NEW ORLEANS — Sen. David Vitter (R-La.) said he’s interested to see how the federally-funded levee protection system not only holds up through Tropical Storm Isaac, but how the Corps of Engineers watches over the entire network.
“Hopefully it will not be a significant test because this will remain, hopefully, a relatively weak storm and we’re all hoping for that,” said Vitter, who will be embedded with the Corps throughout the storm. “Really, I just want to see how the whole system performs and how the Corps goes through their entire routine.”
The Corps of Engineers has been strengthening the network since it failed during Hurricane Katrina, flooding more than half the city. It held up during Hurricane Gustav in 2008. Isaac is the latest test.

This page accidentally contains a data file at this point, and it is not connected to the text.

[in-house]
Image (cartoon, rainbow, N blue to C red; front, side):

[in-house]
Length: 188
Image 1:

The multi-billion project still has gaps – eight in all, Vitter said – and that’s something the Senator is concerned about.
Isaac also will provide operators their first attempt at using barriers in Lake Borgne as well as the Westbank closure complex
“The big barrier out in Lake Borgne and the Westbank closure complex, those have never been fully closed before,” Vitter said. “This is the first time ever so it is an important exercise to go through those closures.”
But what Vitter said he’s most-concerned with is the vulnerabilities for areas outside of the protection network, including Lafourche, Terrebonne, eastern St. Tammany, western St. Charles and lower Jefferson parishes.
“Those are largely, or in some cases completely, unprotected,” Vitter said. “This post-Katrina system was built for Katrina, for the last storm, for the last war. We need to be worried about the next storm, the next war as well. We still have work to do in those relatively unprotected areas.”